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Thread: Respite

  1. #1
    Forum Member Peckham Boy's Avatar
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    Respite

    Can anyone tell me if my partner can force me to go into respite?
    I have 2 carer's call in to me 4 times daily
    I don't want to go into respite so can I refuse?

  2. #2
    Forum Member Terry's Avatar
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    Hi PB and welcome to the forum;

    You can't be forced but if they feel that strongly about it they might just leave you.

    Best wishes, Terry
    TB once said that "The forum is still the best source for friendship and information."

    It will only remain so if new people post and keep us updated on things that work or don't work and tips.

    Please post on old threads that are of use so that others see them and feel free to start new subjects and threads.

  3. #3
    Forum Member Ellie's Avatar
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    Hi Peckham,

    I am sorry you find yourself in this situation.

    Unless she/he has Power of Attorney over you and your medical decisions, you should not be forced into respite if your current care arrangements are sufficient.

    If you rely on your partner to provide care when carers are not there, there may be a medical need for her/him to get a break - of course it's better if this is done by consensus.

    Not knowing the circumstances, but other factors to consider are: if you refuse to go where will that leave the relationship? Who is organising the respite or is your partner paying privately? Is house jointly owned/rented? If you went, will your care arrangements resume as is?

    Best wishes,

    Love Ellie.
    ​Diagnosed 03/2007. Sporadic Definite ALS/MND Limb Onset.
    Eye gaze user - No working limbs - No speech - Feeding tube - Overnight NIV.

  4. #4
    Forum Member Peckham Boy's Avatar
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    Hi Ellie
    Thanks for your reply

    No she doesn't have LPA and we live in a council home .
    yes she does provide minimum care ie giving me a drink or something to eat but everything else is done by my carers .

    The respite would have to be provided by the nhs I assume

    I would hope that the care provider will continue if I did go
    No there is no medical needs for either of us for the need for respite

    plus we have 3 children under the age of 11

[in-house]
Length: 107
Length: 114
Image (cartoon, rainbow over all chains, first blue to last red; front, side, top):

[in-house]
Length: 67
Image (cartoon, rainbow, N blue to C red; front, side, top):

regards
    PB

  5. #5
    Forum Member Ellie's Avatar
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    Then it's your choice PB but, forgive me for being so blunt, can you handle the consequences of saying No? Respite can work for both parties but nobody should be forced into respite against their wishes.

    Either way, you're in a difficult and precarious position, I don't envy you...

    Have you a good MND or Community Nurse who can guide you? Or is your partner working with them on your respite?

    I hope you both find a solution.

    Love Ellie.


    (The irony is that so many hospices have stopped offering respite, it's as rare as hen's teeth in parts of England.)
    ​Diagnosed 03/2007. Sporadic Definite ALS/MND Limb Onset.
    Eye gaze user - No working limbs - No speech - Feeding tube - Overnight NIV.

  6. #6
    Forum Member Lynne K's Avatar
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    Why does your wife want you to go into respite and for how long did she suggest? These things obviously effect the decision whether or not to go for respite. If my husband ever gets to the stage of wanting a break from caring for me, then I would agree to go for a week or two respite so that he can have a rest, both physically and mentally and in doing so recharge his batteries. I'd make that decision out of love. Lynne
    ALS diagnosed November 2017, limb onset. For the 4 yrs previously I was losing my ballance.
    I'm staying positive and taking each day as it comes.

  7. #7
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    Hi
    Have you heard of the Carers Trust For All? This is an organisation which will organise emergency care if a partner or carer can’t. Your partner might be prepared to leave you knowing that this could be called on if necessary. www.carerstrust4all.org.uk

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